With a gutsy, intelligent director at the helm, even this watered-down redaction of Johnson's earlier treatment could have been ruthlessly effective. Unfortunately, budding Catalan hack Jaume Collet-Serra - whose résumé includes numerous TV commercials, music videos and the heinous House of Wax remake - has no idea what he's doing here. His attempts to shock his audience are at best ineffectual and at worst risibly incoherent, and his composition is embarrassingly clumsy during the momentary occasions when he strays from his formulaic technique. If Collet-Serra had spent more time interacting with his talented cast and discarded the movie's moronic visual flourishes, he might have come away with a minor classic instead of a movie best remembered for its squandered promise.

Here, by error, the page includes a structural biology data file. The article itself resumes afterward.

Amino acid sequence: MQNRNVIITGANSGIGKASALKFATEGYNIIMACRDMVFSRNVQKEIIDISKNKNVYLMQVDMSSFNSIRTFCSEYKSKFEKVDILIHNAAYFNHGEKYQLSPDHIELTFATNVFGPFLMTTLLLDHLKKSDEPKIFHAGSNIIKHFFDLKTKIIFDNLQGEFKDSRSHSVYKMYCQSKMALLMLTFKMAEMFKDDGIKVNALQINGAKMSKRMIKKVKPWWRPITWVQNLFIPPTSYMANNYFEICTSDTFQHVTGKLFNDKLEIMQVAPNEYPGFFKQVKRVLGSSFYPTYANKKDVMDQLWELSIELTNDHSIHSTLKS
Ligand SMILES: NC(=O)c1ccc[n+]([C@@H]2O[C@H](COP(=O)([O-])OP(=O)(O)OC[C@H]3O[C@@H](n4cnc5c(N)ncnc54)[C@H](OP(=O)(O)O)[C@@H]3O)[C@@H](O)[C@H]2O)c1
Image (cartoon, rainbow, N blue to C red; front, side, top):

The film's production values are of mixed quality. Jeff Cutter's cinematography is gorgeous, replete with lush, dark hues. It's nice to note one DP of a horror film who doesn't rush to utilize a blue color filter for every single nighttime shot. On the other hand, John Ottman's score is yet more negligible music for another movie that doesn't need any - mostly tired scare cues and bland ambient exercises. There's far too much product placement: a large Hello Kitty emblem on a child's wall is pleasant enough, but there's no reason why I need to see so much Guitar Hero in a feature film, especially when it it could be better substituted by a television channel. Also, there's CGI fire and smoke in lieu of the real thing, and that's never convincing.